top of page
Anne Maria Donaldson

Anne Maria Donaldson

Anne Donaldson nee Hogan is the youngest of twelve children. She was born and reared on a farm in Ballyfin, County Laois in Ireland in the very same house as her grandaunt Maria, Anna’s mother. She now lives near Ballincollig, in Cork, Ireland. She has been closely related to the early development of this still expanding town that has always welcomed people from all over the world. A 19c British Military town with an internationally acclaimed gunpowder mills, the town has welcomed ‘outsiders’ for more than two centuries.
Anne has researched and compiled a comprehensive list of the names of those who served in the British Military at Ballincollig. This compilation can be accessed online through the Representative Church Body’s reference library. Her research of the British Military Graveyard, Ballincollig was published in 2003. In conjunction with Jenny Webb and Nonsuch publishers, she published A Hidden History of the Ballincollig Gunpowder Mills, in 2006. She is a regular contributor to local history journals. An article she researched on the Robinson Settlers in Ontario tweaked her interest in emigration. Her lifelong interest in local heritage and history led her to attain an M. Phil on the subject of The Irish County Gaol system.
An active member of her local writing group, Litwrits Ballincollig, she has published a selection of short stories. Through membership of her local library, she is a member of their book club.
She is an experienced amateur genealogist.
Anne is now a grandmother to a selection of gloriously opinionated and kind young people. She lives with her husband, Frank, overlooking the River Lee.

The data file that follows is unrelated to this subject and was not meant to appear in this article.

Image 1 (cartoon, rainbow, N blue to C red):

She has no animals anymore, that is unless you count our neighbors’ cats who patrol daily.

LITERARY AWARDS

CLICK ON COVER TO BUY

If no link button appears below image after clicking,

the book has not yet released.

A FAMILY STORY OF LOVE, LIFE, AND EMIGRATION


Leaving the midlands of Ireland, they crossed the Atlantic to New York before travelling up the Erie Canal and crossing the Great Lakes in the autumn of 1873. They settled in the small pioneering town of Escanaba in Michigan’s Upper Peninsula.

 

Anna is the last lonely American survivor of a large and loving family. One day she discovers amongst her mother’s papers letters that travelled from Ireland. She recorded her family’s pioneering story for posterity, discovering family secrets along the way.

A must read for anyone of Irish descent anywhere. 


‘Extraordinary and intriguing story! Extremely well researched’            

FEATURED BOOK

bottom of page